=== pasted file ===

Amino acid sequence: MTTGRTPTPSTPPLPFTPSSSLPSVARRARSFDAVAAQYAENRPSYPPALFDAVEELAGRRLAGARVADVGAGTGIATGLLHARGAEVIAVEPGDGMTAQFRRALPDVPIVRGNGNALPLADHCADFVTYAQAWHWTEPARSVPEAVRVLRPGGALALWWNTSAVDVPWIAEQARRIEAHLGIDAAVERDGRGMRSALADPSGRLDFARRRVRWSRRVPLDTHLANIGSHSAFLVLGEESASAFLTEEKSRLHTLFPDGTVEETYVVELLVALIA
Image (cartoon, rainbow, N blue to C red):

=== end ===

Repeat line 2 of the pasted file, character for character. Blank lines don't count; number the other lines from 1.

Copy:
Image (cartoon, rainbow, N blue to C red):